After the continental shelf, the water gets a lot deeper. The deep-ocean portion of your bridge would require a lot more cars—likely about a trillion of them. This is far more cars than exist in the world; a parking lot big enough to hold them would take up most of the Earth's land area.
So you can't rent anywhere close to a billion or a trillion cars—Enterprise, for example, only has about half a million cars in its fleet. But if you tried, you'd run into other problems, too. I got a copy of a recent Enterprise rental car agreement, and I have some bad news:
4. Prohibited Use and Termination of Right to Use.
a. Renter agrees to the following limits on use:
(4) Vehicle shall not be used for: any illegal purposes; in any illegal or reckless manner; in a race or speed contest; or to tow or push anything.
(8) Vehicle shall not be loaded in excess of Vehicle’s Gross Vehicle Weight Rating […]
(9) Vehicle shall not be driven on an unpaved road or off-road.
You'd clearly be in violation of 4(a)(9) by driving it off-road. I think you'd also be violating 4(a)(4) and probably 4(a)(8) as well. This would result in you being—at minimum—on the hook for the total cost of the rental car.
Some credit cards offer coverage for rental car damage, so you might think that—if you're a high-status cardholder—you could try to get the company to foot the bill. Unfortunately, I took a look at the agreement for the American Express Centurion card, and the "What is Not covered" section clearly addresses this scenario:
What is Not Covered?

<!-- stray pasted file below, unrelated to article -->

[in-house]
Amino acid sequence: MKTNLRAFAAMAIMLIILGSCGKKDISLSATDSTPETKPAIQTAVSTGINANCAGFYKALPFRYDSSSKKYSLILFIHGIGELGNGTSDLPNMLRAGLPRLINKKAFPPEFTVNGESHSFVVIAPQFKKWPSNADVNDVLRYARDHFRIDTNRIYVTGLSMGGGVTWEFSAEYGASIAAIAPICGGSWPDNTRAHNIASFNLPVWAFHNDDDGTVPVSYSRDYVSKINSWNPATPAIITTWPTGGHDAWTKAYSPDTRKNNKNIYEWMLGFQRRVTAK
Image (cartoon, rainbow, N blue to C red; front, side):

ANY COVERED EVENT BASED UPON OR ARISING OUT OF:
3. Use of the Rental Vehicle in violation of the terms and conditions of the Rental Agreement
8. off-road operation […] of the Rental Vehicle
11. intentional damage […] to the Rental Vehicle
Interestingly, American Express will also not cover damages incurred by using the rental car in a war:
[…] 1. War or acts of war (whether declared or undeclared), service in the armed forces or units auxiliary to it […]
This rule could actually end up being relevant here. Your car bridge across the Atlantic, in addition to potentially disrupting ocean circulation, would cut off shipping access to northern Europe and much of Atlantic Canada…
…which may qualify as a naval blockade.
 A glance at piles of cars in a junkyard suggests that they often end up in stacks with an angle of repose of 30 or 45 degrees, but a stack with a 10°-15° angle of repose at the bottom should be stable once the cars are sufficiently crushed.
 Mike Ashby's Useful Solutions to Standard Problems is a fantastic resource for these kinds of calculations. In this case, you could use it to figure out how a column of cars will topple, which would require an estimate of the compressibility of a stack of cars at different stages of flattening. I used specs from hydraulic car crushers to come up with my rough estimates here, but these estimates could probably be refined with experiment if you know someone with a lot of cars.
 Citation: You don't see a lot of anchors floating around.
 Most famous, of course, for imperiling George Frankly in an episode of MathNet, the detective show on PBS's Square One TV.
 Apparently all the world's cars would take up slightly more space than all the world's people.
 If you continue to operate the vehicle in such a manner, 4(d) says the company has the right to notify police that it has been stolen.